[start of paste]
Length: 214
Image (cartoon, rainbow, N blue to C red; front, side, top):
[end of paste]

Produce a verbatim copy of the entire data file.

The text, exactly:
Length: 214
Image (cartoon, rainbow, N blue to C red; front, side, top):